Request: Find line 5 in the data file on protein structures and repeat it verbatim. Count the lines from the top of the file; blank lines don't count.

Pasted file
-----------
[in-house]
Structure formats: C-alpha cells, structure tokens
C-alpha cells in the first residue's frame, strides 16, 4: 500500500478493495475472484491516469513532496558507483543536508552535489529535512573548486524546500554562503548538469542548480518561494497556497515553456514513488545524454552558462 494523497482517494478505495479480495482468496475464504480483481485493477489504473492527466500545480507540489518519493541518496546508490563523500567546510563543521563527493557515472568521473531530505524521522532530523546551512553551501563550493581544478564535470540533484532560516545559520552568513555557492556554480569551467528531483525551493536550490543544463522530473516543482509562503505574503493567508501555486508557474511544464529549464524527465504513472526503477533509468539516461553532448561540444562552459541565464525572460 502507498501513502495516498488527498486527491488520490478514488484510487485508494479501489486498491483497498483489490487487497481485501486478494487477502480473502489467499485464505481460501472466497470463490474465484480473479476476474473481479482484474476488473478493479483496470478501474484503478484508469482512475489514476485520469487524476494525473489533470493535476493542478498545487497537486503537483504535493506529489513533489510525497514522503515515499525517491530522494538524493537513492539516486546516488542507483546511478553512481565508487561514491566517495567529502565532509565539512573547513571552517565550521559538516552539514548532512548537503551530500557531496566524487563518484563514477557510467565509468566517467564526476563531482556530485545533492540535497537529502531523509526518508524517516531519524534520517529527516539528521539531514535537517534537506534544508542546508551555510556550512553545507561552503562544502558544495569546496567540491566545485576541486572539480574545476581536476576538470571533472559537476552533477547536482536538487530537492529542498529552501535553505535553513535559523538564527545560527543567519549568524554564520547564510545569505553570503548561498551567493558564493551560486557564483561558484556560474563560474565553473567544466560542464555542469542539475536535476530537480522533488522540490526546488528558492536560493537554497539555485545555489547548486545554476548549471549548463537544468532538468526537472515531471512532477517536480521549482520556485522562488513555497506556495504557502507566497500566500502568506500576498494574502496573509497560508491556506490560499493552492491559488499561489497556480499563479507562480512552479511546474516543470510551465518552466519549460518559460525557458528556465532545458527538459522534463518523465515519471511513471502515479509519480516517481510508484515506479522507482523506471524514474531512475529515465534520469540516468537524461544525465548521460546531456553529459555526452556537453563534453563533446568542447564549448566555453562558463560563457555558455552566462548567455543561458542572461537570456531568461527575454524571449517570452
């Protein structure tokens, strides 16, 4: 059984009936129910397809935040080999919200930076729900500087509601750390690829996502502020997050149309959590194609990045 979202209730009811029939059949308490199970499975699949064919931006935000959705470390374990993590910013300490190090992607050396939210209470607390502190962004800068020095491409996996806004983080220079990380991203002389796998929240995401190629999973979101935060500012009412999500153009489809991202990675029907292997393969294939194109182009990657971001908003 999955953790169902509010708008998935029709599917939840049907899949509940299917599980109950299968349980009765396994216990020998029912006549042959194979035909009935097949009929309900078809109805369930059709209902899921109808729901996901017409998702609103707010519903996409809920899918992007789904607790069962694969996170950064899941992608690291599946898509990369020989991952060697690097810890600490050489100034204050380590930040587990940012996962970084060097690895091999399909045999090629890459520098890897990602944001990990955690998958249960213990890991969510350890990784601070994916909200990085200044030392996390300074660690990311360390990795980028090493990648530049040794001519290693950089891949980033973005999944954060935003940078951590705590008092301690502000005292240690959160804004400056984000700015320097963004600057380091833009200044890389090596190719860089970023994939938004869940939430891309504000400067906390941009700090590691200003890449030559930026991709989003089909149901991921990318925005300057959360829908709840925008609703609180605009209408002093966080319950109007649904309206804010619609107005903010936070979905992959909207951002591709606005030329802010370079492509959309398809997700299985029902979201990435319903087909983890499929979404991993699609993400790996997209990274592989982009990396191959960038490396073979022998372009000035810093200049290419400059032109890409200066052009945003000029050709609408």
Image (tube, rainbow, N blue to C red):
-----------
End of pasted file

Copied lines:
Image (tube, rainbow, N blue to C red):